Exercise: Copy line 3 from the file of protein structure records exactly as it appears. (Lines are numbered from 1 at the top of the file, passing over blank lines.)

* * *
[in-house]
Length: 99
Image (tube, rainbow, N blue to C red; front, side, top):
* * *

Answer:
Image (tube, rainbow, N blue to C red; front, side, top):